I have a bit of problem with the subtle scapegoating of the protagonist’s problems onto her johns, like they’re the ones somehow responsible for making her murder the neophyte. It would be better to see a more discernable character arch where it shows by the end that she suffers some consequence of what she did, how she takes responsibility for her actions, and learns something hard about the magnitude of the error of her ways. Instead, the end just feels like she’s quitting what’s she doing simply because it’s getting a little too rough and inconvenient for her.
So I’d give this a pass for its gripping middle “act” (with a fair suspension of disbelief here and there), but I would rate it higher if the whole thing was just as consistently gripping.
You mentioned this story to me yesterday and turns out someone dug it up already. That's some fortuitous timing, I didn't have to go hunt for it myself.
Another lighthearted romp with a feel good ending, good on you!
The story has narrative drive and Jennifer's voice is authentic. You drop us right in the middle of the action, I'm never lost on the page. This is good work, but I feel the final third is not a strong closer.
After Tyler exits the story, the intensity wanes. The VO starts to feel redundant, not telling us new things. The final line feels superfluous, the job application stuff, etc.
Honestly, I'm surprised, you strayed a bit here from what I like most about your work. You have a knack for intermingling the grotesque and the humane. It's damn near in every script you write. But here, I feel you didn't capitalize on Tyler and Jennifer together. I wanted some beats with her cradling him, like a mother would. Displaying a few motherly traits, like a silent wish a tainted heart makes. Something like that shows us her desire to be human. And to start down that path, she has to lay to rest her past. It's a literal and metaphorical laying to rest, all handled in one shot.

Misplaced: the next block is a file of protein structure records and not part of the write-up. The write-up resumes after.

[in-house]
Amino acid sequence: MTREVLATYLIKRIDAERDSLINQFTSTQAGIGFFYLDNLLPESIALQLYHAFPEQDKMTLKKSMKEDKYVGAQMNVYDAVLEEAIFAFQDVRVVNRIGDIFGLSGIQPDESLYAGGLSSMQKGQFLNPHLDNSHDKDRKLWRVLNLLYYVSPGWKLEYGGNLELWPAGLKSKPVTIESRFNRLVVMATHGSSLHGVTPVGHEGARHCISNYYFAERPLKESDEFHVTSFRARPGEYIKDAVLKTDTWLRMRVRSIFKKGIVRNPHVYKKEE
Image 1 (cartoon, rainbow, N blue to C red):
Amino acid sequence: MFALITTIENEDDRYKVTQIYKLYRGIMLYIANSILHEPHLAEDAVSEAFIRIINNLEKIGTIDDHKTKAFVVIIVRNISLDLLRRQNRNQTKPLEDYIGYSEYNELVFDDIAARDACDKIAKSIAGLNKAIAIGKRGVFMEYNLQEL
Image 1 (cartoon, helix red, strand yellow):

To me, that's the engine that can drive the conclusion. We see her be a "mother" for a few moments, a taste of humanity. And that leads to the desire to change her situation.
This story is damn good, but I think you're robbing Jennifer of her true power. Go all the way, even show a half broken smile as she holds Tyler. Maybe even humming a fractured lullaby as she lays him in the water. Give her that moment of grace in a deeply repellant setting. That kind of duality tears up the page and ravages the senses. Something like that, to me, says a lot more than a VO expressing the want to change.
My two cents. And yes, you did get my... 1,000th comment
LATEST NEWS CineVita Films is producing a short based on my new feature!
Not trying to be flippant or obnoxious with this comment (and it's not meant as an insult, either...trust me.)
But - between this and "A Few Will Find This Difficult" - what exactly is it with you and abortion/miscarriage stories? Admittedly, there's gore, and pain and emotional catharsis - all great things for a story. But was curious as to your thoughts on it....
BTW: I second Brett's idea to have her cradle Tyler and hum to him. It would be sick, twisted and nicely touching.